Bresler decided that her company needed to be active in Israel, but had no idea how to proceed – until she got involved in AlmaLinks.

The group, she said, “has connected me to hundreds of people around the world, who I count among not only my business contacts but also my personal friends. AlmaLinks ‘shows’ Israel to a group of people who, in many instances, are otherwise disconnected from the country. As a Jew who lives in the Diaspora, I know firsthand how easy it is to live well and productively, without ever engaging in Israel. The other organizations I would come across in New York and elsewhere in the US try to bring you into the ‘fold’ in Israel, by leading with a religious message. That message works for some, but not for a growing population of American Jews — Jews, like me, who are largely secular and are more likely to derive a meaningful connection to Israel through business/networking opportunities.”

For Israeli members, AlmaLinks brings a refreshing change to the usual connection that they have with Disapora Jews. Israeli business magnate Victor Vaisleib said, “’Old-school’ Israeli groups plead with American Jews to either make aliyah or to donate money, and both approaches have long been controversial and polarizing. In fact, in the 21st century they’re simply irrelevant. Israel as a springboard for young leaders at their career prime is a value-based concept that makes a lot of sense in today’s environment.”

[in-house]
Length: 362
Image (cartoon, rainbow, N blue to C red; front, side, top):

Long-term, it remains to be seen what the real effect of AlmaLinks will be on Israel-Diaspora business ties, said Vaisleb, but Sapir is optimistic. “What AlmaLinks provides is the platform, at a local and a global level, to grow and sustain that spark of excitement about Israel’s business, high-tech, and entrepreneur community. Our aim is to foster that excitement among the talented young professionals who, as they take up leadership positions in their industries, will keep in mind Israel and the Jewish community.”